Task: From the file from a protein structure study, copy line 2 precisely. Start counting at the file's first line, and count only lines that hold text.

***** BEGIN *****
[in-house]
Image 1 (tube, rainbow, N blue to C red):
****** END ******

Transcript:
Image 1 (tube, rainbow, N blue to C red):